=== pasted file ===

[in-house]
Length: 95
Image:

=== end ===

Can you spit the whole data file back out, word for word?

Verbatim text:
[in-house]
Length: 95
Image: